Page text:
Very recently, Sean came out on Facebook to everyone as being sober. It took him a while to get to that place because it was a hard thing for him to talk about. But now he is loud and proud about his recovery. And still he’s taking care of his girls coaching basketball, running a business, and feels like the luckiest man on the planet. If you wanna hear Sean’s story in its entirety, you can do that here on the podcast at episode 71.
Imagine that we had Sean come into our office either before his dad passed away or after. He would’ve called because he would’ve had trouble with motivation and grief. I don’t know that we would’ve sensed that his drinking was out of control. He was taking care of his girls, feeding his family, helping with homework, getting up and doing it every day. Yet he was drinking daily and hiding it fairly well.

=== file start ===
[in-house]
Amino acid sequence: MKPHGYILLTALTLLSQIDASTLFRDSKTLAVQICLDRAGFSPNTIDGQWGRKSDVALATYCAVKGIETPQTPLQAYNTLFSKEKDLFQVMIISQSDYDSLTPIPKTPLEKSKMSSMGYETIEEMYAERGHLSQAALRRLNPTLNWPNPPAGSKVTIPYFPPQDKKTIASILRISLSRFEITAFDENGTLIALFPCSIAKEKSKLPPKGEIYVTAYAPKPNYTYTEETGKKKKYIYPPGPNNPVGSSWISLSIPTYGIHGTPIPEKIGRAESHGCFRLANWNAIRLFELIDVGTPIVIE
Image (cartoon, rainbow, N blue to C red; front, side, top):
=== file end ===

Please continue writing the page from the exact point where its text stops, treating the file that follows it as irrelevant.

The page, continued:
It’s true that Sean needed detox. It was the right call. Alcohol withdrawal is no joke. I’ve said it numerous times and I’m sure I will say a ton more. Alcohol withdrawal is one of the withdrawals that can kill you outright. Alcohol is also one of the things that people seem to think they can quit cold turkey. I am grateful that his wife knew that he needed help and he needed medical help.
Just because someone in our care is drinking daily doesn’t mean we can’t work with them. It just means that if they’re gonna stop, that they need some assistance. They don’t necessarily have to go inpatient into detox. There are doctors who are willing to help people by giving them medications to take while they’re at home to help them down to reduce the risk of seizures. I wonder how many folks come to us with grief or anxiety, or work stress or phase of life, and what about their drinking?
Our next story is about a woman named Jean. Jean grew up on a rural farm near Toronto, Canada. Her father described himself as an alcoholic and got sober very early. By the time he was about 23. Jean grew up with stories about that and her father talking about how, because he’s an alcoholic, he can’t drink at all.
So she knew this and it was just sort of something in the background. It would be helpful later in her own journey. Jean was a pretty average kid partying here and there with her sisters experimenting with alcohol , like the other kids around her. In a rural community drinking’s pretty common and so it wasn’t abnormal.